Figure 5: Full-wave bridge rectifier
Most devices use full-wave rectifiers, including phones, televisions, radios, laptops, etc. Full-wave rectifiers have an efficiency rate of 81.2%, while half-wave rectifiers only have an efficiency of 40.6%. However, the construction of full-wave rectifiers is more expensive because of the multiple diodes required.
How to choose a transformer
When choosing a transformer, evaluate factors such as load and the application. Looking deep into the design is necessary to ensure that the transformer meets your needs. Here are questions that will help you find a transformer that meets your needs.
- Does the transformer have enough capacity to handle the size of the load you expect?
- How durable is the transformer?
- Can the load capacity be increased to accommodate more load?
- Does the cost of the transformer match your budget?
Factors to consider when selecting a transformer
Safety should be the topmost priority. Always check the details to ensure that the transformer cannot harm anyone. Besides, the transformer must be certified by a safety agency.
Input and output voltage
The input and output voltage determines the transformer used. The number of turns in the primary winding determines the input voltage. The output voltage depends on the turns on the secondary winding.
The common choices for mounting are the Chassis mount (installed inside industrial enclosures) and PC mount (attached to the chassis). There are also other great mounting options. Knowing the layout and method (vertical, horizontal, or flat) will help you consider mounting options.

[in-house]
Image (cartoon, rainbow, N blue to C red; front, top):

Always specify the size limitations when choosing a transformer. Define the height, length, and width of the transformer needed for a particular application. The size specifications are essential in ensuring that you don't run out of space.
Applications of AC to DC transformers
- In-house appliances like washing machines are used as power supply circuits.
- Devices that we use daily, like cell phone chargers, rely on AC to DC transformers for their functionality.
- Other home devices that require AC to DC transformers include refrigerators, televisions, electric cookers, etc.
- The medical sector also relies on AC to DC transformers to operate some equipment.
- The AC to DC transformers are heavily relied on in automation processes.
Limitations of AC to DC transformers
Despite the many applications of AC to DC transformers, there exist challenges to using them. These include the following:
- The variation in the DC voltage output. The fluctuation in the output voltage makes it risky to connect devices directly from an AC to a DC transformer.
- AC to DC transformers waste energy by releasing a lot of heat energy. The wastage contributes to the high cost of installing and maintaining an AC to DC transformer.
- AC to DC transformers take up a lot of space.
How to select the right transformer?
Appliances have labels containing details about the watts or amperes it needs. Check for the details of the machines.
What is meant by a step-up or step-down transformer?
Step-up transformers increase voltage, and step-down transformers decrease voltage at the secondary side relative to the primary side. The principle of electromagnetic induction is applied to step-up or step-down voltage.